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Will Success Spoil Rock Hunter?

From Wikipedia, the free encyclopedia

Will Success Spoil Rock Hunter?
Will Success Spoil Rock Hunter? (1957 film poster).jpg
Theatrical release poster by Tom Chantrell
Directed byFrank Tashlin
Produced byFrank Tashlin
Written byGeorge Axelrod
Frank Tashlin
Based onRita Marlowe
by George Axelrod
StarringJayne Mansfield
Tony Randall
Music byCyril J. Mockridge
CinematographyJoseph MacDonald
Edited byHugh S. Fowler
Distributed by20th Century Fox
Release date
July 29, 1957 (1957-07-29)
Running time
93 minutes
CountryUnited States
Box office$4,900,000[2]

Will Success Spoil Rock Hunter? is a 1957 American satirical comedy film starring Jayne Mansfield and Tony Randall, with Betsy Drake, Joan Blondell, John Williams, Henry Jones, Lili Gentle, and Mickey Hargitay, and with a cameo by Groucho Marx.[3][4] The film is a satire on popular fan culture, Hollywood hype, and the advertising industry, which was making millions of dollars off the growing revenue from television ads. It also takes aim at television and the reduction it caused to the size of movie theater audiences in the 1950s. The film was also known as Oh! For a Man! in the United Kingdom.

The film was produced and directed by Frank Tashlin, who also wrote the largely original screenplay, using little more than the title and the character of Rita Marlowe from the successful Broadway play Will Success Spoil Rock Hunter? by George Axelrod.[5] The play had run from 1955 to 1956 and also starred Jayne Mansfield as Rita.


In lieu of a theme song and opening of the movie, Tashlin instead laid traditional opening credits over faux television commercials for products that failed to deliver what they promised.

From this comedic segue, the film opens on a writer for television advertising, Rockwell P. Hunter (Tony Randall), who is low on the ladder at the La Salle agency, the company where he works. With the agency set to lose its biggest account – Stay-Put Lipstick – he hatches an idea to get the perfect model and spokeswoman for Stay-Put's new line of lipstick, the famous actress with the "oh-so-kissable lips", Rita Marlowe (Jayne Mansfield).

For Rita to endorse the lipstick, however, Rock has to pretend to be her boyfriend to make her real boyfriend, Bobo Branigansky (Hargitay), the star of a TV Tarzan show, jealous. Bobo leaks the news of Rita's new romance to the tabloids and Rock Hunter is suddenly famous as Marlowe's "Lover Doll". Hunter's boss decides to leverage his employee's newfound fame, but when Hunter also gets Marlowe to agree on a television spectacular sponsored by Stay-Put, Hunter becomes the advertising firm's highest-regarded employee. Marlowe, meanwhile, is miserable; she thinks she is falling in love with Hunter, but her one real true love is the man who discovered her, George Schmidlap (Groucho Marx). Not being able to find Schmidlap, she pursues Hunter, though her Secretary "Vi" (Joan Blondell) warns her that she is playing a dangerous game. (Ironically, Blondell, who plays Mansfield's frumpy, middle-aged, all-business secretary, was herself a major movie sex symbol some 30 years before, and whose sexuality was one of the first victims of the Hays Code).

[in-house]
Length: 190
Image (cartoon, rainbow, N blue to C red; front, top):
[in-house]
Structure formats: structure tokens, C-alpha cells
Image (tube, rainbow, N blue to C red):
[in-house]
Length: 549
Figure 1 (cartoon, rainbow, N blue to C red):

Hunter soon finds fame to be a double-edged sword, getting him what he wants, but with a price to be paid for that success. Women are crazy about him, and he has no peace of mind. Ultimately, he moves up the ladder at work, becoming company president, only to find it is not what he really wanted. Hunter confesses to his angry fiancée Jenny that he finds himself at the top of the heap without any meaning and she takes him back.

As Rita Marlowe opens her television spectacular for Stay-Put Lipstick, she is surprised by the appearance of the show's "surprise" guest star of (and the one true love of her life), George Schmidlap.

Freed from strain of advertising, Rock and Jenny retire to the country to tend a chicken farm, announcing that he has found the real living end.

Main cast

Actor Role
Jayne Mansfield[6] Rita Marlowe
Tony Randall[7] Rockwell P. Hunter
Betsy Drake[8][9] Jenny Wells
Joan Blondell Violet
John Williams Irving La Salle Jr.
Henry Jones Henry Rufus
Lili Gentle April Hunter
Mickey Hargitay Bobo Branigansky
Groucho Marx George Schmidlap
Ann McCrea Gladys
Barbara Eden Miss Carstairs


Will Success Spoil Rock Hunter? received a nomination for a Golden Globe for Best Motion Picture Actor – Musical/Comedy (Tony Randall) and a nomination for the Writers Guild of America, East WGA Award (Screen) for Best Written American Comedy (Frank Tashlin). The character, Rita Marlowe, is based on dumb blond stereotype epitomized by roles performed by Marilyn Monroe at the time.